Discriminative Stimulus Effects of Cp-55,940 and Structurally Dissimilar Cannabinoids in Rats
Wiley, J., Barrett, R. L., Lowe, J., Balster, R. L., & Martin, B. R. (1995). Discriminative Stimulus Effects of Cp-55,940 and Structurally Dissimilar Cannabinoids in Rats. Neuropharmacology, 34(6), 669-676.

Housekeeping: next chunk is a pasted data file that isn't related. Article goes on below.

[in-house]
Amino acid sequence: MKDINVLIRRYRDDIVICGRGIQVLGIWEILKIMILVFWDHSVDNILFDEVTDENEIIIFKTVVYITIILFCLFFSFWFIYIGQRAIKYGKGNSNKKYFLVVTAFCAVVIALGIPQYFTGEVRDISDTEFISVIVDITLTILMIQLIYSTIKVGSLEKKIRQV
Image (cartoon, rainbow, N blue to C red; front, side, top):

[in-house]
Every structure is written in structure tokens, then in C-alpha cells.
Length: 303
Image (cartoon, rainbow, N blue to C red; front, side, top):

CP 55,940 is a potent synthetic bicyclic cannabinoid analog that has been used in a number of studies as a radioligand for the cannabinoid receptor. This compound shares behavioral and biochemical properties with naturally occurring cannabinoids such as Delta(9)-THC. The purpose of the present study was 3-fold: to establish the ability of CP 55,940 to serve as a discriminative stimulus, to determine whether this discriminative stimulus is identical to that of Delta(9)-THC, and to examine whether a newly developed cannabinoid antagonist, SR141716A, would antagonize the discriminative stimulus effects of CP 55,940. Rats were trained to discriminate 0.1 mg/kg CP 55,940 from vehicle in standard 2-lever operant conditioning chambers. CP 55,940 produced dose-dependent generalization from the training dose in dose-effect determinations conducted before and after testing with other drugs. The effects of the training dose of CP 55,940 were dose-dependently antagonized by co-administration of SR141716A. Results of substitution tests showed that Delta(9)-THC, WIN 55,212-2, and cannabinol substituted completely for CP 55,940 in a dose-dependent manner; however, CP 55,940 was approx 10-fold more potent than any of the other drugs in producing CP 55,940-like discriminative stimulus effects. Several drugs with CNS depressant properties (phencyclidine, haloperidol and diazepam) failed to produce reliable substitution for CP 55,940. These results demonstrate that CP 55,940 has discriminative stimulus effects and that it shares these effects with structurally dissimilar compounds that, like CP 55,940, bind to the cannabinoid receptor. Further, these effects are blocked by SR141716A, a cannabinoid receptor antagonist. The present results provide support for the use of CP 55,940 as a probe for cannabinoid receptor-mediated effects related to cannabis abuse